Natie Gould, As I Knew Him

— Morris Slavin

NATHAN “NATIE” GOULD, a founder of the Fourth International and a former secretary-organizer of the Socialist Workers Party's youth group, the Spartacus Youth League (SYL), died November 10, 1997. My impressions of him follow.

I first met Natie in December, 1934 at the united convention of the Communist League of America (CLA, the Trotskyist group) with the American Workers Party (A.J. Muste's comrades). It was a rare occasion in that instead of a radical political association splitting, two parties were actually uniting.

Natie had come with the Chicago delegation among whom was Al Glotzer, one of the leaders of the American Trotskyists. Like me, Natie was 21 years old, but unlike me he had seven or eight years of militant working-class experience behind him.

I remember the informal atmosphere of the gathering at a comrade's New York apartment. Natie had taken off his shoes, sat on the day bed propping up his back against the wall and participated in the discussion.

After Natie had become secretary of the SYL he began to visit its branches. Among the activities planned during his stay was a public address in a hall rented for the occasion. Natie was always prepared on the topic he had chosen to speak on—either an important international development, or a persistent national problem.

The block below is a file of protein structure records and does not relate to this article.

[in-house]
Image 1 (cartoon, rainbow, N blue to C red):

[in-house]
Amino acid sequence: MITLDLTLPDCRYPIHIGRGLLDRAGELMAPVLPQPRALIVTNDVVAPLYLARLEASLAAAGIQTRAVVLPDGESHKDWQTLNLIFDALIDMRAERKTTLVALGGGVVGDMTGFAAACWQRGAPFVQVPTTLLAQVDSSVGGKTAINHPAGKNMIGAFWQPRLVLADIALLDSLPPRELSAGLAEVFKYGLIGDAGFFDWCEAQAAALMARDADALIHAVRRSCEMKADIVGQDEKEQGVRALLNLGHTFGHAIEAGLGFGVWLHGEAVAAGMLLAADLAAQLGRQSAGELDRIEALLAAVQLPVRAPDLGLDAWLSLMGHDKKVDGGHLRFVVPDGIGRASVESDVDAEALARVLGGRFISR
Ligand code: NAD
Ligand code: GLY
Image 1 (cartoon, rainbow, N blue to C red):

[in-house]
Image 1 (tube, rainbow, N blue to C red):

He never spoke without a manuscript, to which he referred but never read from. His voice was clear and loud enough to be heard through the hall, his arguments seemed irrefutable to us, and we enjoyed the give and take between him and the audience.

I remember one speech he gave on the tour. I think it was an anniversary of the Paris Commune of 1871. Dipping into the past, Natie told how young workers had been recruited by the French bourgeois government into a militia which was then used to crush the desperate uprising of the hungry workers in 1848.

He dramatized the confrontation between the two forces by describing the men and women who recognized their relatives and neighbors in the armed forces. Never would they turn their guns on their friends, they thought—only to be shocked by the suddenness of the unexpected attack as the militia responded to their officers' command.

Once he visited the Columbus, Ohio branch when some of us were students at Ohio State University. We had somehow managed to have him invited to a large group of students housed on the premises of the football stadium.

After dinner he arose to speak. The students were polite enough, with the exception of one who was heard to make a derogatory remark. A cold stare from Natie ended this effort at disruption. As for the Stalinists in the National Student League, for some reason they avoided a confrontation with Natie at this time.

A Talented Organizer

In 1936 members of the WP joined, as individuals, the Socialist Party.1 Natie helped win over several leaders of the Young Peoples Socialist League to Trotskyist views. Differences over the Moscow Trials, the Spanish Civil War, the Popular Front and how to respond to the continuing economic depression—these and the drift to war divided the left during the decade.